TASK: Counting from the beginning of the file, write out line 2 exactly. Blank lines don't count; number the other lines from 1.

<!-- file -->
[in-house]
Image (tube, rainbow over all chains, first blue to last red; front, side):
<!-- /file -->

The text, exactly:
Image (tube, rainbow over all chains, first blue to last red; front, side):